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Nerve pain in leg

Updated on March 6, 2014

Nerve pain in leg is a common symptom of a condition known as sciatica.

Sciatica is a term used to describe the pain that extends along the sciatic nerve’s path, which distributes from the lower back via the buttocks and hips and downwards each leg. Nerve pain in leg usually affects just one side of the body.

Nerve pain in leg typically occurs when a spinal bone spur or a herniated disc puts pressure on a part of the sciatic nerve. This leads to pain, inflammation, and some numbness in the leg that is affected.

Sciatica-associated nerve pain in leg can be very intense. However, most cases get resolved within a few weeks with traditional treatments. Patients who continue to suffer from extreme nerve pain in leg after 6 weeks of medical treatment may need to undergo surgery to alleviate the compressed nerve.

Symptoms of sciatica/nerve pain in leg

Some of the signs and symptoms that accompany nerve pain in leg are listed below:

  • Pain that extends from the lumbar or lower spine to the hips and buttocks, and across the back part of your leg is a classical symptom of sciatica-related nerve pain in leg.

  • The pain may vary widely, from being a minor ache to being a burning, sharp sensation or intense, unbearable discomfort. It may occasionally feel like an electric shock or a jolt.

  • Patients may experience discomfort just about anywhere along the path of the sciatic nerve, but it is more likely to take a path that commences from the lower back to the buttocks and down the back of the thigh and calf.

  • The pain may aggravate when a patient sneezes or coughs. It can also get worse after being seated for prolonged periods.

  • Some patients may also suffer from muscle weakness, numbness, or tingling in the affected foot or leg. It is also possible for patients to experience numbness in one area of the leg and pain in some other part.

  • In most cases, just one side of the body experiences the sciatica-associated nerve pain in leg.

Most patients tend to fully recover from sciatica-associated nerve pain in leg, usually without any explicit treatment. However, it can lead to permanent nerve damage in other patients. It is therefore vital to immediately consult a doctor in the following cases:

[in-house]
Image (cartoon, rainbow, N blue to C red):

• The affected leg experiences weakness

  • The affected leg experiences loss of feeling

  • Loss of bladder or bowel functionality

Causes of sciatica/nerve pain in leg

Sciatica-related nerve pain in leg typically occurs due to compression of the sciatic nerve, most often due to a bone overgrowth on the vertebrae or a herniated disc in the spine. In rare cases, a tumor may cause the nerve to become pinched, or it may experience damage due to a disease like diabetes.

Some risk factors which can increase the vulnerability to developing sciatica-related nerve pain in leg are as follows:

  • Excess body weight or obesity can increase the overall pressure on the spine leading to spinal changes and eventually triggering sciatica.

  • Bone spurs and herniated disc which are the most common causes of sciatica-associated nerve pain in leg typically arise due to spinal changes that occur with an increasing age.

  • Occupations that entail driving a motor vehicle for prolonged periods, carrying heavy loads, or twisting your back. However, there is no empirical evidence to support this theory.

  • Underlying presence of diabetes

  • Sedentary lifestyles or prolonged sitting

Treatment of sciatica/nerve pain in leg

Most instances of sciatica-related nerve pain in leg get resolved with self-care measures. If it persists, then the doctor may go for the below listed treatment options:

  • Medications such as muscle relaxants, anti-inflammatory drugs, tricyclic antidepressants, narcotics, and anti-seizure medications to alleviate the pain.

  • Steroid injections: Sometimes, the doctor may go for corticosteroid injections to suppress the inflammation near the irritated nerve and decrease the nerve pain in leg. Steroid injections can have serious side effects and hence it is used for a very limited time period.

  • Physical therapy: After improvement of the acute pain, the doctor may come up with a rehabilitation plan to help prevent recurrent injuries. It can include exercises to improve flexibility, strengthen the muscles that support the back, and correct the posture.

  • Surgery: Doctors usually opt for surgical intervention if the condition does not improve with traditional therapies, or when the pain is progressively worsening, or if the compressed nerve causes bladder or bowel incontinence or considerable weakness. The surgeon may remove a section of the herniated disc or the bone spur that’s exerting pressure on the pinched nerve.

Self-care measures for improving sciatica-related nerve pain in leg include the following:

  • Going about the usual daily activities, but avoiding the causes that triggered the pain.

  • Resting for some time, but avoiding prolonged inactivity.

  • Cold packs to be used initially to get relief from the pain. Later, use hot packs on the areas that still hurt. You may also alternate between the two packs.

  • Intake of OTC pain killers.

  • Stretching exercises for the lower back. Do not twist, jerk, or bounce during the stretch, and try and maintain the stretch for a minimum of 30 seconds.

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